The orthodox Trinitarian doctrine states that God exists as three persons (Father, Son, Spirit) in one being. There is only one God in terms of ontology, but there are three distinct persons that share this Divine essence. So the Father is not the Son or the Spirit, the Son is not the Father or the Spirit, the Spirit is not the Father or the Son – but the Father is God, the Son is God, the Spirit is God.
“…baptizing them in the name of the Father and the Son and the Holy Spirit” (Matt 28:19)
“The grace of the Lord Jesus Christ, and the love of God, and the fellowship of the Holy Spirit, be with you all” (2 Cor 13:14)
“To those…who are chosen according to the foreknowledge of God the Father, by the sanctifying work o the Spirit, to obey jesus Christ and be sprinkled with His blood” (1 Pt 1:1-2)
Though it can be confusing, it is fundamentally important to recognize that Christianity is monotheistic.
A Trinitarian Salvation
It can be helpful to examine how each member of the Trinity operates. For example, the Father ordained the universe but created it through the Son. The Spirit convinces the dead-heart of Scripture but in a way that exalts the Son. Specifically for this article, I would like to consider the soteriological work of God. What actions has each member of the Trinity taken to redeem a people?
First, the Father chose whom He would redeem (Eph 1:4-6). In eternity past, He set His love on certain sinners. This love did not look for a difference among people (as if He chose the best and brightest) but made a difference. Though none of these rebels deserved to be chosen for such a glorious end, the Father mercifully decided to love them.
Second, the Son suffered in the place of these specific rebels (Eph 1:7-12). The Son took the form of a man and lived a perfect life on earth. In living a perfect life, He earned righteousness before God. On the cross, the Father smote the Son with the righteous indignation meant for His people whom He chose, and His people receive the credit for the Son’s righteousness.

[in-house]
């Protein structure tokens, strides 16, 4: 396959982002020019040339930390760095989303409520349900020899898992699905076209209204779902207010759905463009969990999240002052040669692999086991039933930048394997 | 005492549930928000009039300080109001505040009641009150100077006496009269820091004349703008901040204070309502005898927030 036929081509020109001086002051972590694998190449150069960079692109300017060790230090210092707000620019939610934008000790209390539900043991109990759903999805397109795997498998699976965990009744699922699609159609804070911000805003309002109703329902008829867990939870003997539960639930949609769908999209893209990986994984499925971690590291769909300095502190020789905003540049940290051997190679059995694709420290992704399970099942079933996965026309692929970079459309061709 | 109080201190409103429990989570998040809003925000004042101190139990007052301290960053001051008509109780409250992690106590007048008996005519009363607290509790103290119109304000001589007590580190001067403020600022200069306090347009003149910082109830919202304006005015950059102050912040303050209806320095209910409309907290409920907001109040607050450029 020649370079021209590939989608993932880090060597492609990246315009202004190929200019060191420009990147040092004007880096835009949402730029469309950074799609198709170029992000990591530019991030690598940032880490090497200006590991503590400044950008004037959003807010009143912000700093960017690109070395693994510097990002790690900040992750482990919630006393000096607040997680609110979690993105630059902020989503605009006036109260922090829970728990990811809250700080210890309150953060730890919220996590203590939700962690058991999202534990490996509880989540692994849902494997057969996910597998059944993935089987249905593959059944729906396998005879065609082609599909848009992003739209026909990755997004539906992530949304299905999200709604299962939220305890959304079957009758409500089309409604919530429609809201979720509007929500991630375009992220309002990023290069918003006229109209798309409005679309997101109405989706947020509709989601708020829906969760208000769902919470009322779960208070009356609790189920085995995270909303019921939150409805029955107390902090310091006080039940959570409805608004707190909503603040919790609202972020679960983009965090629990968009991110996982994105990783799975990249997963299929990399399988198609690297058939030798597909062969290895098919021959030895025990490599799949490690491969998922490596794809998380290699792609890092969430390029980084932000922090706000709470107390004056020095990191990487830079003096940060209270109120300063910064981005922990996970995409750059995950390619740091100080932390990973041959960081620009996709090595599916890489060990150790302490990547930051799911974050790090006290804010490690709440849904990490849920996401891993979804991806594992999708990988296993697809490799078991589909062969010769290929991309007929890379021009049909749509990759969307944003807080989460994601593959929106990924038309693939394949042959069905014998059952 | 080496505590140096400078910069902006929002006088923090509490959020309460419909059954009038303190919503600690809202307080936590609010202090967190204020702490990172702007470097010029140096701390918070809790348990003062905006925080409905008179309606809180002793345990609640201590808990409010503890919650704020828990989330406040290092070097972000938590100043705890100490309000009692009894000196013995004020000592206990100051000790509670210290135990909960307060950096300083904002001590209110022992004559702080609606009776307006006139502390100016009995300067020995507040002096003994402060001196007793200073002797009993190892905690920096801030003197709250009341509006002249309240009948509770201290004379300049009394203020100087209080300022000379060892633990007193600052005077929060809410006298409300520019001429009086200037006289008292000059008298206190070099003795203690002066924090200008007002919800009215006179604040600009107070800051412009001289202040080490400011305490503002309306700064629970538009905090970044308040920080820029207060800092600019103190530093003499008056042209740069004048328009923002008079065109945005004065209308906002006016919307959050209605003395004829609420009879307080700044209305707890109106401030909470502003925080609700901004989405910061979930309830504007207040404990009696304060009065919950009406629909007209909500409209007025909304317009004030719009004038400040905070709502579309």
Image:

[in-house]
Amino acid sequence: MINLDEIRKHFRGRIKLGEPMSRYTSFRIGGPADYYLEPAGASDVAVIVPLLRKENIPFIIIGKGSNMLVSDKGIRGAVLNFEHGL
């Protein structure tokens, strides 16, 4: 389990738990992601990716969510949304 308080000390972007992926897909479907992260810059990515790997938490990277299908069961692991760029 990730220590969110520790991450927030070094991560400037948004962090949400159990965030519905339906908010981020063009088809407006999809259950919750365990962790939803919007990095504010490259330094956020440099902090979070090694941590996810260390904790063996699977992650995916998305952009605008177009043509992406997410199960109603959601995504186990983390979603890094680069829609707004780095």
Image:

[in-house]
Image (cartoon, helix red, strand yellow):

Third, the Spirit awakens these certain sinners from a life of hating God to a life of loving God (Eph 1:13-14). This is when the benefits won on the cross are applied to God’s people. These sinners are sealed in the Holy Spirit, never to be taken out of God’s salvific love.
A Trinitarian Ethic
In salvation, these are the distinctive works of each member of the Trinity. I want to briefly explain how my belief and experience of the Trinity affects the way I love others.
First, as the Father’s love for His people, my love for people is not dependent upon their actions but upon my decision to love. I do not aim for the ones who seem to benefit me the most, or the individuals whom I best get along with. My desire instead is to mirror the Father’s love by unconditionally serving those around me. This type of love is truly the strongest because the dispositions of other people are not variables to be considered. The only consideration is whether or not I choose to love them.
Second, as the Son’s love for His people, my love for people is self-sacrificing. Paul addresses this in marriage: “Husbands, love your wives as Christ loved the church and gave Himself up for her” (Eph 5:25). Based on my decision to love those around me, I should be willing to give of myself freely for their benefit. The consideration is not, “Do they deserve this?” but rather, “Am I able to help?” My action is motivated by my prior choice to love them, and determined on the greatness of their need rather than the merit of their lifestyle.
Third, as the Spirit’s love for His people, my love is active and pursuing. Rather than wait for our response, the Spirit seeks and powerfully awakens God’s people to His truth. Similarly, my love for others should not hinge on them reaching out to me. I do not mean a pestering love, but an active love. My service is always at-the-ready, to be deployed whenever I see the need arise.
My belief in the Triune God compels me to unconditionally, sacrificially, actively love others. In this, I mirror God’s own love for His people.